The origins of the CFPB trace back, as many things do, to a conversion experience. In the early 1980s, Elizabeth Warren was a young conservative law professor in Texas who had set out to study why families filed for bankruptcy. The laws governing bankruptcy had recently been liberalized, and Warren had a dim view of the likely consequences. “I was going to expose these people who were taking advantage of the rest of us,” she recalled in a 2007 interview. “I set out to prove they were all a bunch of cheaters.” But her data came back telling a vastly different story.
American families weren’t going broke from shopping sprees at the mall, Warren found. They were going broke because their incomes were stagnating while their fixed costs—health care, housing, car payments—continued to rise. The struggle for these necessities was driving families to rely on a set of financial products that were increasingly mystifying to them and profitable for issuers: credit cards, home equity loans, payday loans, and the like. Once a family’s assets were depleted, bankruptcy was often just an illness, a job loss, or an exploding interest rate away.
The way Warren tells the story, she first had the idea for the consumer bureau years later, in 2007, at a time when she was having a lot of meetings with credit card executives. She was trying to sell them on the idea of offering what she called a “clean card”—a credit card that listed all its costs, its fees, and its true, long-run interest rate up front. (That is: instead of selling a card with, say, a 4.9 percent teaser rate and then jacking it up to 18.9 percent after some months, companies would just market a card with a straightforward 7.9 percent rate.) The card would then be granted a kind of Good Housekeeping seal of approval.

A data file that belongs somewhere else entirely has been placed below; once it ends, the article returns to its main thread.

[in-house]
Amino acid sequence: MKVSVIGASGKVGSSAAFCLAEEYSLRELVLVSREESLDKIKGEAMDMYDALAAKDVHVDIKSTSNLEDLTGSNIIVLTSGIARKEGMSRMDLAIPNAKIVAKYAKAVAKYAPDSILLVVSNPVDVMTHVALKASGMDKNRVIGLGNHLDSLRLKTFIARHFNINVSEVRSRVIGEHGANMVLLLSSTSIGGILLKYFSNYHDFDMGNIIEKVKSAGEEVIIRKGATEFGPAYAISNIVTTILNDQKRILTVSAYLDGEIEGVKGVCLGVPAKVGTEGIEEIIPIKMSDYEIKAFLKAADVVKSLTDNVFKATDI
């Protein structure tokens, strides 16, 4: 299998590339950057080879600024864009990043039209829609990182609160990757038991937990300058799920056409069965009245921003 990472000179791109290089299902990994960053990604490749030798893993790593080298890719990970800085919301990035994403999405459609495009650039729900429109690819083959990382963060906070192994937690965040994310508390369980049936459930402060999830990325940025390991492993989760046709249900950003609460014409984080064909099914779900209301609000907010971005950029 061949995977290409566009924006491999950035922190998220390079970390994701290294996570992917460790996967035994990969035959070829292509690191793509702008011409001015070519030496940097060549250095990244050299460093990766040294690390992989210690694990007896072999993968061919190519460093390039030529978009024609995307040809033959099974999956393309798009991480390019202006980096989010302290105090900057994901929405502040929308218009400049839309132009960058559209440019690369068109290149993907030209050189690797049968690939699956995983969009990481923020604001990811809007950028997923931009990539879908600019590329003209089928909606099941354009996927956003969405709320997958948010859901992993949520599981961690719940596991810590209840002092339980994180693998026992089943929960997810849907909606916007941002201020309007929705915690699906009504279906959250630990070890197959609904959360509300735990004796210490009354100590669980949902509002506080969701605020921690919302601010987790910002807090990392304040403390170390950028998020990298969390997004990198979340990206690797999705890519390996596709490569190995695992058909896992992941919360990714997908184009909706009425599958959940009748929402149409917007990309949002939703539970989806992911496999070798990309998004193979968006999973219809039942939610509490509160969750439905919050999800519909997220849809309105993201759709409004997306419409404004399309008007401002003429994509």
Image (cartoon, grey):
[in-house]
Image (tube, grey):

But the credit card executives all took a pass. At one meeting, an executive confided in Warren. “If we had to tell people what these things cost while our competitors play the same old games, no one would use our product,” he told her, as she recalled in a speech in 2011. There was no advantage for anyone in the business to be the first mover, she realized; the government had to get involved and set rules across the entire market. It was around that time, she says, that she began sketching out the idea for what would become the CFPB.
Warren’s wasn’t the only conversion experience that ultimately led to the CFPB. In the mid-2000s, Richard Cordray was serving as the treasurer of Franklin County, Ohio. An Oxford and Chicago-educated lawyer with several arguments before the U.S. Supreme Court under his belt, Cordray had made a failed, quixotic bid for the U.S. Senate in 2000 before adjusting his sights on local office. His campaign in Franklin County had rested largely on a promise to aggressively collect delinquent property taxes. Much like Warren, he expected to take on the shirkers who were taking advantage of the rest of us. But what he found was something else.